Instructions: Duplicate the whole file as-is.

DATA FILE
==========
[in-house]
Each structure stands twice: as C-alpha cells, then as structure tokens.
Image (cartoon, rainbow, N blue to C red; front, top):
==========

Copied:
[in-house]
Each structure stands twice: as C-alpha cells, then as structure tokens.
Image (cartoon, rainbow, N blue to C red; front, top):